Following a brutal 2009, Ontario is expecting increased opportunities in services-related businesses (IE:TV)

By Jade Hemeon | February 2010

The outlook for On-tario’s economy in 2010 is quite bright, as it is expected to show a heartening recovery. That’s a significant change from the dark days of 2009, when Ontario had the worst deterioration in economic growth and employment among all the provinces.

Alex Koustas, an economist with Bank of Nova Scotia’s economics department in Toronto, is forecasting that Ontario’s real gross domestic product growth will rebound to 2.9% in 2010, following an estimated drop of 3.2% in 2009. The projection is higher than the 2.7% growth the bank forecasts for Canada as a whole.

Heavy government stimulus, consumer spending and exports will all contribute to Ontario’s better economic health this year, says Koustas, while manufacturing, retail sales and housing starts will all gain strength relative to last year’s poor performances.

“Out of all the provinces, Ontario suffered the worst losses in 2009, as it is the most exposed to the U.S. economy,” he says. “There’s been a huge dip in automobile production, which is the industry most tied to U.S. economic fortunes. The effects trickle all the way down the supply chain to components, plastics and fabricated metals. A lot of big industries in Ontario are tied to auto production.”

The auto industry began showing signs of improvement in late 2009, and the renewed vigour is carrying over into 2010 because of pent-up demand and inventory replacement; however, the industry will never return to its former glory, analysts say. This is significant because the auto industry employs more than 150,000 Canadians directly, plus another 340,000 indirectly. It is also the largest industry within Ontario’s manufacturing sector.

After auto production in Canada dropped by 28% to 1.5 million vehicles in 2009, it is expected to rebound to 1.9 million units in 2010, according to Detroit-based J.D. Power & Associates Inc. But Dave Cutting, senior manager of North American forecasting with J.D. Power, does not foresee production getting back to the 2.5 million vehicles produced annually in Ontario earlier this decade.

“The quality of cars is better, people are keeping them longer and maintaining them better,” says Cutting. “The appeal of a new car is not what it used to be, as consumers are now occupied by other priorities, such as the weaker economy and higher unemployment. In addition, the fleet market has shrunk dramatically.”

Ontario’s auto industry is facing ongoing consolidation with the upcoming closing of a Ford Motor Co. plant in St. Thomas in 2011. Last year, General Motors Corp. closed a light truck plant in Oshawa. Auto analyst Dennis DesRosiers, president of DesRosiers Automotive Consultants Inc. in Richmond Hill, Ont., says Ontario’s auto industry has lost 50,000 jobs since 2006 and has been hurt by long-term structural change as well as cyclical issues related to the economy.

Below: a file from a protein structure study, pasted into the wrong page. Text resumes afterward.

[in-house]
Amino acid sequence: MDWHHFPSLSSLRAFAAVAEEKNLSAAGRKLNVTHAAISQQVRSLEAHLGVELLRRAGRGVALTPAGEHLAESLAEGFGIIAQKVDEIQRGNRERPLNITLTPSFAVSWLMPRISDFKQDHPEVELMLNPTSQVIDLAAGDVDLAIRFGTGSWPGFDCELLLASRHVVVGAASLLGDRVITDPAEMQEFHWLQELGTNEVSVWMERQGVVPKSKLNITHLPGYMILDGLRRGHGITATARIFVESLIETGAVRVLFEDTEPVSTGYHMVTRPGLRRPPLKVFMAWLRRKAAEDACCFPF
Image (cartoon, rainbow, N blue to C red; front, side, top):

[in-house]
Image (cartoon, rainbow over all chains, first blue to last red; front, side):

It is also becoming increasingly difficult to compete with lower-cost plants in parts of the U.S. and Mexico that are not unionized, he says. As a result, he expects Canada’s share of total North American auto production — virtually all of which takes place in Ontario — to drop to as low as 12% during the next four to five years from its current perch of 16%.

“More jobs will be lost in the auto industry, and the need for increased productivity is overwhelming,” DesRosiers says. “Cyclically, there will be an uptick in the next year, but we will never get all the jobs back because, structurally, we are losing jobs to other jurisdictions where labour and other costs are less.”

The pain in Ontario has spread beyond the auto industry, with the high Canadian dollar and low-cost goods from developing countries creating competitive pressures for a variety of manufactured goods. The past year has seen a 12% loss of jobs in the manufacturing sector, overall, accelerating a decline that began before the recession, according to Scotiabank figures.

Many of these jobs will never be recovered in the manufacturing area, but the province will pick up the slack as opportunities increase in services-related businesses, including financial services, real estate, health care and education, as well as in professions such as law and accounting.

Ontario is witnessing “significant healing” in these industries, says Warren Lovely, executive director and senior economist with CIBC World Markets Toronto. The financial services industry is a meaningful employer in Ontario, and healthier stock markets and debt markets are benefiting banks, insurance companies and securities firms.